HTML Email Validation Example

Sometimes we might have to create web apps that collect user data e.g names, date of birth, username, emails or even the user phone number. It is one thing to collect user data, its another thing to make sure that the user has entered valid information.

For example we should always check durning user registration or login, if the email entered is valid or even in existence.
In this example we will learn how to validate users emails in HTML5.
For this example we will use:

  • A computer with a modern browser installed
  • notepad++

1. Getting Started

The Email supplied by a user during registration on a website, is used to identify the user. That’s why it is impossible for two different users to register with the same email. If a new user tries to register with an already registered Email, an error message is displayed on the browser and the registration process is terminated after verification by the server.
It is wise to validate a user email or any other data on the client side before sending the data to the server. This saves bandwith and helps free server resources.

In this example we will create a form that will collect user data and submit them.

1.1 HTML Forms

In this section we will introduce HTML forms. If you are familiar with HTML forms, you can skip this section and go to the next.

HTML forms allows users send data to a server or website.

If a website needs to collect a user name, age or date of birth it’s most likely going to use HTML forms. Login and registration systems for websites are built with html forms.

HTML forms are created with the opening <form> and closing </form>tag. The form tag defines an html form. Form elements are different, they can be text fields, checkboxes, radio buttons, submit buttons, and more.

1.1 Validating Emails

To validate Emails on the client side we use HTML5 special feature. One of great features of HTML5 is the ability to validate user input or data without having to write tedious scripts.

All input element can be validated with the pattern attribute. The pattern attribute expects a case sensitive regular expression as its value. If the element’s value is not empty and doesn’t match the regular expression specified by the pattern attribute, the element is considered invalid. A user won’t be able to submit a form with invalid input.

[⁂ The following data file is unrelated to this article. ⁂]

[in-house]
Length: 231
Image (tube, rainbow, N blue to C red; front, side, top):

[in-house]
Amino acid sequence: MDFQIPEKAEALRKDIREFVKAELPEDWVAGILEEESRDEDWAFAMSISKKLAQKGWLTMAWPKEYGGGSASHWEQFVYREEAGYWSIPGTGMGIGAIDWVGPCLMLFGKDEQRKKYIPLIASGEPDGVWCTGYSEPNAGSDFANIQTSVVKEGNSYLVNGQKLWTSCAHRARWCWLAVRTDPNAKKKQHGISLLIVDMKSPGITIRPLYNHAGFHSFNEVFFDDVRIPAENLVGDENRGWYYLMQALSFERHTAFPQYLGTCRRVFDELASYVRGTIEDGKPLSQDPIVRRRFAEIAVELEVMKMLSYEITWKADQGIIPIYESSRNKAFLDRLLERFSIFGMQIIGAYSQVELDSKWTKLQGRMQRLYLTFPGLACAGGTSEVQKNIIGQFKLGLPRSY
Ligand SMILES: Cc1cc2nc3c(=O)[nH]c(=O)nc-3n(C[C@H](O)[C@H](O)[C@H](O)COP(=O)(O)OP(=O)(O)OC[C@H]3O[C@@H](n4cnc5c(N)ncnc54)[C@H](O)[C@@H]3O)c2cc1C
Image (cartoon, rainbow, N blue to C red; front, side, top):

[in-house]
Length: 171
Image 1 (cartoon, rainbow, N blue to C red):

If an element requires an attribute before submission, just add required to the input tag.<input> elements with their type attribute set to the value email do not need a pattern attribute to be validated. Specifying the email type requires that the field’s value must be a well-formed email address (or a comma-separated list of email addresses if it has the mutiple attribute).

Lets look at an example:


<!DOCTYPE html> 
 <html lang=”en”> 
 <title>Membership Form</title>     
 <h1>Membership Form</h1>
    <p>Thanks for choosing to join The Programming Language Club.</p>
    <form action=index.php method=post>   
	<div style="width: 30em;" >
        <label for=firstName>First name</label><br>        <input type=text name=firstName id=firstName required /><br><br>

        <label for=lastName>Last name</label> <br>       <input type=text name=lastName id=lastName  required/><br><br>

 <label for=mail>Email</label><br>        <input type=email name=mail id=mail required /><br><br>

        <label for=password1>Choose a password</label> <br>       <input type=password name=password1 id=password1 required /> <br>  <br>  
		<label for=password2>Retype password</label><br>        <input type=password name=password2 id=password2 required /> <br> <br>
        <label for=genderMale>Are you male...</label>        <input type=radio name=gender id=genderMale value=Male />       
		<label for=genderFemale>...or female?</label> <input type=radio name=gender id=genderFemale value=Female checked /> <br> <br>
        <label for=favoriteWidget>What's your favorite language?</label>        <select name=favoriteWidget id=favoriteWidget size=1>        
		<option value=java>Java</option>     
		<option value=php>PHP</option>          
		<option value=phyton>PHYTON</option>     
		</select> <br> <br>
        <label for=newsletter>Do you want to receive our newsletter?</label>        
		<input type=checkbox name=newsletter id=newsletter value=yes /> <br> <br>
        <label for=comments>Any comments?</label>       
		<textarea name=comments id=comments rows=4 cols=50> </textarea>
        <div style=”clear: both;”>         
	<input type=submit name=submitButton id=submitButton value=Send Details />       
	<input type=reset name=resetButton id=resetButton value="Reset Form" style="margin-right: 20px;" />      
  </body> </html>

This is a typical example of an HTML form but you should pay attention to line 17. Thats where we declare our input tag with type email. Fill all the fields in the form except that provided for email, try to submit and see what happens. Also enter an email address that is not properly formatted and submit it,see what happens.
In both cases an error message is displayed and the form is not submitted.

2. Summary

In this example we learnt about email validation in HTML5.

3. Download the source code

You can download the full source code of this example here: html5emailvalidation

Olayemi Odunayo

I am a programmer and web developer, who has experience in developing websites and writing desktop and mobile applications. I have worked with both schematic and schemaless databases. I am also familiar with third party API and working with cloud servers. I do programming on the client side with Java, JavaScript, html, Ajax and CSS while I use PHP for server side programming.
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